Charity campaigning: does it help to be an expert?

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Charity campaigning: does it help to be an expert?

Charities can struggle to make themselves heard despite being experts on their issues. This week, we're looking at the reasons why we might not be listened to, and what tools we have to bolster trust with the public.

Ben Roberts

How long do you have to work in your sector before you can call yourself an expert? Do you trust in the 10,000 hour rule? Is it about doing plenty of your own research? Or, do you think of it as hands-on experience in your field? Regardless of your own interpretation, it goes without saying that there are a huge number of experts across the charity sector. The depth of knowledge that many of our leading voices exhibit inspires confidence in the sector’s ability to deliver on what beneficiaries need. But, the great frustration across many of the issues that our sector is tackling is that being an expert doesn’t always mean you can make yourself heard.

With the strong likelihood being that the next general election takes place in the latter half of this year, we’re looking into how charities can make the most of their expert status while campaigning, while avoiding any public cynicism that’s lingered for “so-called experts”.


Is the public still sceptical of experts?

When we asked the public last year whether it was more important to listen to experts or ordinary people when it comes to choosing policy in the UK, there was a small preference to listen to normal people than experts. There’s been an upward trend in trust for experts since 2016, where cynicism was at a high. But the question still remains: what are the optics that have led to this preference? 

Well, we can consider an interesting statistic from our research at the start of last year – when asked about how much they trust someone who runs a well-known charity commenting on policy, 42% of the public said that they would trust their views. This isn’t to say that the rest of the public are distrustful, as a large figure simply weren’t sure about how they feel. But even so, this leave a lot to be desired for our sector.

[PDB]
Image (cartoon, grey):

Perhaps unsurprisingly, the most trusted expert voices come from scientists and healthcare professionals. One of the main reasons that a working doctor would likely receive more credit from the average member of the public than a WHO spokesperson could be down to the perception of the doctor having boots on the ground in the midst of the issues at hand, with first-hand experience. Naturally, this isn’t always going to produce the best opinions, but it sways the optics of the situation in a way that charities can take advantage of.


This year it will be vital to make yourself heard

At the time of writing this, George Osborne has predicted a general election date of 14 November. As we fast approach the likely date for the election, it’s worth reminding everyone just how adamant we are about the public’s faith in charities to campaign, despite the backlash that’s sometimes seen as a result. In fact, 82% of the public believe in policy that’s backed by experts.

Getting through to MPs can be difficult, however. In a continuation of steady trends from previous years, our latest research shows that as many as 83% of Conservative MPs believe charity to be too political, versus just 8% of Labour. The harsh impact of this is that charities are less likely to be able to make themselves heard with a lot of the MPs who have the power to enact the changes that we need. 

So, how does a charity go about making its expert voice heard without triggering the cynicism of both MPs and the public?


Guiding supporters

Many charities get around the difficulties of being an expert body when campaigning. As many of the charities we’ve worked with in the past 20 years have shown us, one of the most impactful tools they have is the ability to mobilise supporters, and that’s never truer than when it comes to advocacy. Having your supporters reach out on your behalf in letter writing campaigns has always been a reliable means of making yourself heard, and can cut through MPs’ distaste for charity experts’ voices in the political sphere. 

Plus, getting the public onside can be easier when we consider what they respond well to. If their preferred experts are frontline workers and ordinary people, these are the voices you can priorities in your communications in order to best demonstrate that from top-to-bottom, you’re a charity that well earns its expert credentials.

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